Caving Cottage electricity supply question

Peter Burgess

New member
I have a simple question for anyone who manages a caving club cottage. We are in the process of having an electricity supply laid on, and we have to decide whether we want the meter located inside or outside. Inside would be simpler but there is the matter of having the meter read. I have no knowledge of what power companies will expect, but we obviously would prefer not to have to arrange to let someone in whenever a meter reader needed to see it. Is it possible nowadays for a supplier to accept, for example, a photo of a meter reading which we could provide at our convenience? Otherwise it might be simplest to have an external meter box.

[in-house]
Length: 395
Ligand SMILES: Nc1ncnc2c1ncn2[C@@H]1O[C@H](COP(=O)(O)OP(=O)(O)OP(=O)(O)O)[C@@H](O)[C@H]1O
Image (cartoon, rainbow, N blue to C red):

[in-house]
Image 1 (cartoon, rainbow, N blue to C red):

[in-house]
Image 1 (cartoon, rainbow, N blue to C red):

Les W

Active member
Meters must be read at least once a year by the supplier, however they often are not as the suppliers representative always calls during working hours. Supply companies generally make estimates and you have the ability to correct the estimates with your own reading which can be done online or over the phone. Ultimately the supply companies are supposed to be fitting smart meters that don't need reading as they communicate down the power lines or via the internet and all the information is collected automatically...

I would suggest that you put the meter where it suits you and let the supply company sort it out.
Worst case is you might have to arrange for access at some point perhaps once a year, or less...
 

Les W

Active member
When a meter reader cannot gain access he will put a card through the door for you to fill in with your estimate. If you ignore the card they will make their own estimate, based on general usage of a similar property. This will normally be high!
You can then contact the company by website or phone to give them your reading.